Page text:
Savva the Magnificent
Savva Ivanovich Mamontov inherited his father’s shares of the railway company and engaged in railway construction. Savva’s main achievement is the railroad from Moscow to Arkhangelsk, which was extremely necessary at that time. However, two years after its launch, Savva failed to pay off his loan and was arrested and imprisoned. After the hearing, the charges were dropped, but Savva went bankrupt and died in poverty.
In the obituaries, Mamontov was called “Medici of Moscow” and “Savva the Magnificent” by analogy with a nickname of Lorenzo Medici. He was frequently compared with Lorenzo the Magnificent as the Florentine patron of arts also supported prominent artists, had good eyes for the blossoming talents, could inspire everyone around him with new ideas, and, at the same time, was famous for being not quite a patron, but a tyrant of arts.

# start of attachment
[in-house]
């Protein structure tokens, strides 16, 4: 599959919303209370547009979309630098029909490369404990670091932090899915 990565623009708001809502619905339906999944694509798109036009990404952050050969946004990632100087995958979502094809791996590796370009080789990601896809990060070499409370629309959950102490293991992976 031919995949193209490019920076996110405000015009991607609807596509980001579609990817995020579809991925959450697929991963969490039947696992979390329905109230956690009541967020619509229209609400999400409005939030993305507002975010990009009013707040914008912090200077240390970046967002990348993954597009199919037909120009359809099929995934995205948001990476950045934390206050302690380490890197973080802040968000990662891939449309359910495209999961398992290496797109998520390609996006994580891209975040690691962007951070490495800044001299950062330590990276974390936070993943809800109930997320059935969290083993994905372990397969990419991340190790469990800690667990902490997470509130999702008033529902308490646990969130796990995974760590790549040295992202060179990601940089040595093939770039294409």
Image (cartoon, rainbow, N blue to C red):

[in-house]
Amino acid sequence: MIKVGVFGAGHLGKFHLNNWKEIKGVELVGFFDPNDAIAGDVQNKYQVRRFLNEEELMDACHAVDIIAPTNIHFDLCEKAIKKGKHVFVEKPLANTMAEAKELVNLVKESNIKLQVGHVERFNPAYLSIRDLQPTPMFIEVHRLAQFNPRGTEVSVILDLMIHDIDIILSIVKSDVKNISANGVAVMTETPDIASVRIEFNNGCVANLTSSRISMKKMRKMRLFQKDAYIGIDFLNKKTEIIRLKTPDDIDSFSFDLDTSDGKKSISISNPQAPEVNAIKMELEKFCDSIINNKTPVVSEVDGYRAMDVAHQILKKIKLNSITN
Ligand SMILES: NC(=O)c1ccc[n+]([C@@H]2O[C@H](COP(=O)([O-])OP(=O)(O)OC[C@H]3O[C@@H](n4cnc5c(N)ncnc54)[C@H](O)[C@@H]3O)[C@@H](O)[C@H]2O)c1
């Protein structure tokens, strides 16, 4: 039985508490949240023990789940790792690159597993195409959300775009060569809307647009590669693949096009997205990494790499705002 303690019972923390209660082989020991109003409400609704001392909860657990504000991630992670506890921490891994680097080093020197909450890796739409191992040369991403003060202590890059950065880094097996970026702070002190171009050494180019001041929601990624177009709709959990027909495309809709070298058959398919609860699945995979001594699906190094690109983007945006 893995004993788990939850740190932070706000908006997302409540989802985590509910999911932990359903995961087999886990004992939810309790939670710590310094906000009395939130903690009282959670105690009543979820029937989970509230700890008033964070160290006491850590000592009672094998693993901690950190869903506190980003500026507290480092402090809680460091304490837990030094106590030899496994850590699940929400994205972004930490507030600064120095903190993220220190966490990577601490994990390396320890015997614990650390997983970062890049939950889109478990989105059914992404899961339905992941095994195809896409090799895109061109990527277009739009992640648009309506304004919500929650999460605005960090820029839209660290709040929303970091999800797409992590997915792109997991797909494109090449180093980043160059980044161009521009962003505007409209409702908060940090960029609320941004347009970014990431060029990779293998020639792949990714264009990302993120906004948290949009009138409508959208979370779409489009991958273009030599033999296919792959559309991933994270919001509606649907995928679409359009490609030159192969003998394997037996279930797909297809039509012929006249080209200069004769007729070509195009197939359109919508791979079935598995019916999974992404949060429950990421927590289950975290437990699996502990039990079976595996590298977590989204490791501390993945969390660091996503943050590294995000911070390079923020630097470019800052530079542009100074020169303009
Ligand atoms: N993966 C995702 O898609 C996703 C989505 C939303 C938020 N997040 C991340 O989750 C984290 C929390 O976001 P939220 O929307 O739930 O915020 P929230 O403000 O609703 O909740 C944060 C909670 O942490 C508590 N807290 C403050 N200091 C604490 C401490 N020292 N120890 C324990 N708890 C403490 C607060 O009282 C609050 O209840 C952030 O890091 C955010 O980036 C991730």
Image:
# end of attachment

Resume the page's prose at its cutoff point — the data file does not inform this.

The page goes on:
His extravagance and artistry always manifested itself. For instance, in his village near Moscow, Savva could take walks in a long Italian cloak with silver inserts and a wide-brimmed hat. His contemporaries mentioned that Savva even managed to turn his own hearing into a show.